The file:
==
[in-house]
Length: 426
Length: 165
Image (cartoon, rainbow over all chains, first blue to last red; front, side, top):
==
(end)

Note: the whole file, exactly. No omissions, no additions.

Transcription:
[in-house]
Length: 426
Length: 165
Image (cartoon, rainbow over all chains, first blue to last red; front, side, top):